Executive Failure

Executive Failure Rates Reflect a Gap in Executive Development

Senior executive failure rates are not a secret. Popular estimates indicate between 50 and 70 percent of executives fail within the first 18 months of a promotion to an executive role. In Rising to Power, Ron Carucci and Eric Hansen from Navalent document the results of a ten year longitudinal study that included 2600 interviews with Fortune 1000 leaders.

The survey reported that 76% of respondents stated formal development processes in their companies poorly equipped leaders for transitions to levels of greater responsibility. While the dynamics and challenges of executives are distinct, 55 percent of respondents indicated they had minimal coaching and feedback to help them develop the abilities required to succeed in an executive role. Perhaps even more telling is the statistic that 45 percent of those surveyed stated they had little understanding of the challenges they would face in an executive role.

If numbers tell us anything, it appears we are expecting emerging leaders to absorb rather than develop the skills and behaviors required for effectiveness in a senior executive role. A former manager once taught me, “They don’t get if from the carpet and the drapes.”

Many companies report that succession planning is a major risk for their organizations. Firms across the country acknowledge they don’t have the talent in line to assume leadership in strategic roles. Perhaps it is time to recognize the cause of executive failure may have as much to do with preparation as with the person. When we consider investments in human capital as critical as other enterprise investments, we’ll begin to see a turnaround in the failure rate of those we send to the top.

 

Copyright 2015, Joseph M. Jordan/Jordan Development, Inc. Content may be shared with proper attribution.

They’re Waiting for Your Song

The audience at the Meyerson Symphony Center in Dallas on June 16, 2005 was mesmerized as 14 year-old Shannon Lee lifted a 300 year-old violin to her chin and presented two solos that were nothing short of breath-taking. While you might shudder at the thought of a teenager messing around with anything 300 years old, this diminutive virtuoso made an instrument that has survived for centuries do what a violin is designed to do—fill a concert hall with melodies that capture the heart and emotions, transporting listeners to another world.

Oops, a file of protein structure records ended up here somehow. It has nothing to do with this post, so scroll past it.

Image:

The standing ovation that followed her performance, confirmed Miss Lee’s incredible talent. Skillfully made instruments aren’t designed to be displayed in museums or locked in an art collector’s cabinet. Even a violin that was artfully crafted three centuries ago still has music within it waiting to be shared. What about you? What music do you hold that the world needs to hear? Your music may not be written for a violin or supported by a great orchestra. It might surprise you to discover that your music is intended for a much broader audience.

Perhaps you can write a symphony of change for your industry. Maybe you hold a lyric of innovation for a company that needs to grow. Your insights might help a non-profit expand beyond its wildest expectations. Oliver Wendell Holmes, Jr. said “Many people die with their music still in them. Why is this so? Too often it is because they are always getting ready to live. Before they know it, time runs out.”

Life isn’t about self-preservation, it’s about investing. The instrument of your life wasn’t created to be put on a shelf and dusted. You were placed on this planet to give voice to great ideas, to offer your melodies of creativity to those around you, to pen lyrics of opportunity that can make a difference in the world.

No one else can sing your song. There is not another person that can compose your melody for you. People need the unique work that only you can write, the distinct notes that are singularly yours. Later isn’t an option. The world is asking for your music today. Tune up. Play like there’s no tomorrow. They’re waiting for your song.